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I received a call from someone claiming to be from a well-known Cashback Coupon Co. He congratulated me and told me I had been selected to receive several thousand dollars a week for life. I was then told that I was required to pay more than a thousand dollars for insurance before they could issue a check for such a large amount. I paid it. Then he informed me that I had to pay a pre-tax of $8,000 before they could give me the prize money. The whole thing felt too strange to continue, so I pulled the plug and asked for a refund. It remains to be seen if I get it.

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    SCAM. Nobody who will really give you money will ask for a payment; they could deduct it from what they would be sending you. Any money or information you have given them is already lost. If you gave them any account information report that **immediately **to the bank or you may lose much more. In general, if you have to ask "is this a scam" the answer is "yes".
    – keshlam
    Commented May 18 at 19:45
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    Does this answer your question? I was asked for a COT code to transfer money to my account. Is this a scam?
    – littleadv
    Commented May 18 at 21:13

2 Answers 2

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The moment they want you to pay money to get "your" money, is the moment you know it is a scam. Why did they need you to pay money for an insurance policy?

so I pulled the plug and asked for a refund. It remains to be seen if I get it.

The goal was to get you to pay ever increasing amounts of money. They were only partially successful since they only took $1,000 from you.

They will not refund your money.

No group picks random people to win large sums of money.

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  • The moment they say "I'm from well-known Cashback Coupon Co." and/or "Congratulations! You have won ..." is the moment you know it is a scam.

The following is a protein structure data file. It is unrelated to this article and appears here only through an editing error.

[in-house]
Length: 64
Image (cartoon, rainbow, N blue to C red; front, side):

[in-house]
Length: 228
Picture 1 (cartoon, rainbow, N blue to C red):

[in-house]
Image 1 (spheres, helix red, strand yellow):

– shoover
    Commented May 20 at 15:56
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    Even if it's Publisher's Clearinghouse or another legitimate sweepstakes that you actually entered, for big prizes they will want to show up on your doorstep with a camera crew to capture your delighted reaction; they won't just email you.
    – keshlam
    Commented May 23 at 1:26
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No genuine lottery will ever ask you for money. Say you win £1,000,000 in the UK lottery. And because you live in a foreign country with strange tax laws £200,000 has to be paid to your tax office. Plus a £500 bank transfer fee. In that case the lottery will pay the £200,000 tax, the £500 fee, and send you £799,500. There is absolutely no way they will ask you for money.

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  • Or they will pay you the whole thing minus the transfer fee and tell you to reconcile taxes with the appropriate government agencies. Either way, you are not sending them money.
    – keshlam
    Commented May 26 at 14:27
  • Pedantic quibble: you need to be located in the UK when buying National Lottery tickets (although, I believe, other members of a syndicate can be overseas).
    – TripeHound
    Commented May 26 at 17:55
  • @TripeHound - yes, and also the UK lottery operator will never contact a winner - anyone at all who is over 18 can buy a ticket in a shop using cash. The holder of a winning ticket has to claim the prize and it is paid with no deductions. If the prize is £50,000 or more, they will offer to send a representative to your house with a wad of cash, but only if you accept the offer. If a valid claim is not received within 180 days of the draw date, the prize and any interest earned on it (accrued from the day of the draw) will go to benefit National Lottery charitable projects across the UK.. Commented May 30 at 9:04

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